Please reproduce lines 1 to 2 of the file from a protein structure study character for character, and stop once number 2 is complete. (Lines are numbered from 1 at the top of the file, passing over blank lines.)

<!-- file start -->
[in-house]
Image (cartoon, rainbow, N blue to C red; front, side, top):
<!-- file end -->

[in-house]
Image (cartoon, rainbow, N blue to C red; front, side, top):